Also, I doubt a terrorist would want to be caught on camera stealing EXIT signs from Walmart and foil his plans for mass destruction



posted on Feb, 21 2009 @ 11:26 PM
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Yeah, the Tritium dirty bomb concept is just silly, there are far easier and more effective ways to make dirty bombs than to attempt to draw tritium out of exit signs.

My concern, as it always has been with these signs, is how they get disposed of. Animals and water tables near dumping sites can be contaminated by this stuff over time...

But dirty bomb? Give me a break.



A little background on Tritium, EXIT signs used to use Radium in order to maintain luminescence, Radium however is a direct cause of bone cancer.
Tritium has been used in EXIT signs for decades, as it was decades ago that Radium was banned in most countries.

... so just be glad it's Tritium in those signs and not Radium.



posted on Feb, 22 2009 @ 12:15 AM
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Last month Wal-Mart disclosed that about 15,800 of its exit signs – a stunning 20 per cent of its total inventory – are lost, missing, or otherwise unaccounted for at 4,500 facilities in the United States and Puerto Rico.
Source: www.thestar.com... (emphasis mine)

OK, so considering that the average dollar store has less than $200,000 worth of inventory, and realizing that the average WalMart store has many times that amount (well in excess of $1,000,000), how exactly is maybe 20 signs at a generous $500 each ($10,000) equal to 20% of their inventory?

Yeah, it's a small slip-up, but a telling one. This is just a play on fear. Or perhaps a signal that a dirty bomb will be allowed to go off somewhere?

Maybe we should be alert for such a bomb... not from tritium signs, but from other sources. This could easily be something being set up to blame it on...

TheRedneck



posted on Feb, 22 2009 @ 12:15 AM
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Originally posted by spinkyboo
The signs contain tritium gas, a radioactive form of hydrogen. Tritium glows when it interacts with phosphor particles, a phenomenon that has led to the creation of glow-in-the-dark emergency exit signs.

So - what are we doing using this stuff for exit signs in the first place?
Boy do we have some big lessons ahead of us.
I sure hope we live though them.



Hello? There were 16,000 of these before they would make a difference.

You do realize that enough apple seeds create a cyanide like poison don't you? I mean, what is nature doing making seeds out of poison?



posted on Feb, 22 2009 @ 12:45 AM
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Maybe the nuclear boyscout is building a new reactor? He did use glow in the dark clocks in his previous one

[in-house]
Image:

posted on Feb, 22 2009 @ 01:58 AM
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I believe the article meant 20% of its total inventory of exit signs.

This is not a one line post, because it addressed a question raised by another member. I'm sure I'll get points docked anyways, just because my life sucks in every way.



posted on Feb, 22 2009 @ 02:19 AM
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Totally off topic, the second line crap is annoying. If you read the rules and whatnot, it pretty clearly states that a one line post is perfectly acceptable so long as it is contributing something to the thread.

I personally take that to mean that "bump" posts or one sentence of nonsense posts are the ones to be avoided. I could be wrong, but I'm pretty sure I'm right.

Anyway, back to you, people posting about the actual subject.



posted on Feb, 22 2009 @ 02:21 AM
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just a point of clarification , to address the ` where did 16 thousand signs - each measuring 310mm * 250mm and weighing 1kg go ` ?

the answer , if the embezzelment theory is correct is :

that they only ever existed on paper

i am not an accountant - so this description may contain flaws


in summarry - a dishonest walmart employee orders the signs from a dishonest employee at the factory where they are made - and an invoice sent , but the signs NEVER leave the factory - because the order is not processed through ` normal chanels ` - when the FAKE invoice for the signs arrives - the dishonest walmart emoployee rubberstaps it as valid - and orders accounting to pay it - they do - but the payment is intercepted by the crook at the sign company and diverted to a private bank account . both crooks split the profit , there never were any signs

thats probally the worst explaination of this type of crime EVAR but hey i am not an acountant or LEO

and lastly - the 15800 signs is a total for the entire walmart operation in north america

some will simply hsave been stolen - others broken by negligence - and not reported [ to avoid discipliniary action for breaking a 300 dollar sign ] etc etc - but i still believe that the bulk was embezzeled by accounting fraud



posted on Feb, 22 2009 @ 04:34 AM
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reply to post by gypsychology909
 


This made me think about how smoke detectors have small amount of radioactive material in them. I really dont think that someone is stealing the exit signs to make a dirty bomb but i guess that it is a possiblity. Now if a bunch of smoke detectors go missing maybe we should start to be concerned.